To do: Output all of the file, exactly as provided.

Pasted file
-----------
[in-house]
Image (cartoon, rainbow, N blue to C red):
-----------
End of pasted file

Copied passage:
[in-house]
Image (cartoon, rainbow, N blue to C red):